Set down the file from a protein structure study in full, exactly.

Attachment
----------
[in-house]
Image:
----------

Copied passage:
[in-house]
Image: